Lebanon has been hijacked, and we the Lebanese want to free our country and reclaim an honorable state. Lebanon is collapsing. There is no electricity, no water, no infrastructure, no telecommunication, no transportation facilities, and an enormous difficulty in continuing to obtain educational and health services. Even the lowest essentials of life in it are now non-existent … We are helping ourselves, but we want you to help us overcome the dichotomy of either having the political stakeholders in power or falling into a complete vacuum. They themselves are the vacuum, the absence of vision, and the absence of leadership. The Lebanese are capable of having their independent vision, their independent plans, and their independent leaderships.

Mr. Le Drian,

If we have addressed this letter to you, it does not at all mean that we are calling on France to intervene in favor of one party against another. Rather, we are invoking the historical friendship between our two countries, to urge France to advise, help and push, so as to overcome the obstinacy and denial of its officials to our commands and their hold on to power and help lay the foundations for saving our Lebanon, your Lebanon – the country that holds all of the humanitarian, cultural and civilizational values which France saw in it early on, in the first decades of the 20th century. France fostered those values and gave them the political space and brotherly support they needed to make Lebanon the crown jewel of the Middle East.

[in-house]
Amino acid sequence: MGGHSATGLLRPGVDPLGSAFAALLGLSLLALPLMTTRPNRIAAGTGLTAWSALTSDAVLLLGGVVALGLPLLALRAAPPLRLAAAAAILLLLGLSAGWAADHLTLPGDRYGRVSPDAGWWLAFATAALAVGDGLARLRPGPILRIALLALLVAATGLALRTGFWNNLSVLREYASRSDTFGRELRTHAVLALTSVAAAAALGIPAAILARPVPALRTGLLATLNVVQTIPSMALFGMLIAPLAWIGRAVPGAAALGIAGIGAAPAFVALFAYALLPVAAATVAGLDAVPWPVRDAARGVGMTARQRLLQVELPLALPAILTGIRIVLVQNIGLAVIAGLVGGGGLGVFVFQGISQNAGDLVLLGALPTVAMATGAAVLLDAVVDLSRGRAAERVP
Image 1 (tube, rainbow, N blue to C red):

Mr. Le Drian, this jewel is being hijacked and stolen today. Will you answer the distress call, to save Lebanon and its wealth of people? Will you listen to them?!

Civic Influence Hub

Member of the Civic National Front

Beirut July 22, 2019